Given the security situation in Chhattisgarh, it is nobody’s case that road construction is not difficult. The difficulty levels, however, are not the same in all areas where roads are to be constructed. The Comptroller and Auditor General’s (CAG’s) report released on July 26, 2015, notes that the Public Works Department (PWD) of Chhattisgarh [RRP is implemented by MORTH through PWDs of respective States], had completed only 31per cent of the work undertaken between 2009-14 under RRP [till March 2014, not to be confused with MORTH data as it is till July 31, 2015]. Under this special programme, 53 works comprising length of 2021.73 kilometres were sanctioned for 2897.09 crore in Chhattisgarh during 2009-14. The development of the roads under the programme was scheduled to be completed by March 2015. However, till March 2014, the physical progress was 618.34 km (31 per cent) and financial progress was 805.04 crore (27 per cent). The works under RRP were divided into three categories: Category-I: Roads where the agencies may be able to carry out the construction without much security arrangement; Category-II: Roads where agencies may face some sort of problem and need some protection for carrying out the work; Category-III: Roads where there is high risk of security and execution activities need special protection from the State Government.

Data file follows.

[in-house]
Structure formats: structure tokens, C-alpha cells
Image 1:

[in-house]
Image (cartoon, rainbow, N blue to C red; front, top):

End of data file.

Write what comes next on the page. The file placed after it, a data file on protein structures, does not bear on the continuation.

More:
Table 2.6.2: Category wise status of selected work

Type of category

Total Roadworks proposed
Roadworks completed
Roadworks in progress
Road works in tender stage
Balance road work where no “Process yet started

Category- I


Category- II





(Source: Information furnished by Engineer-in Chief)

Regarding the slow pace of work on the project, CAG observed:

…out of total number of 19 road works selected under Category-I, only 12 works could be completed by the department. Balance seven works which were to be completed by 2011-12 remained incomplete even after two-three years of commencement. The percentage of progress of these seven works ranged between 21 and 97 per cent.